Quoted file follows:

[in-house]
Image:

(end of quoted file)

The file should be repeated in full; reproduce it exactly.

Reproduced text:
[in-house]
Image: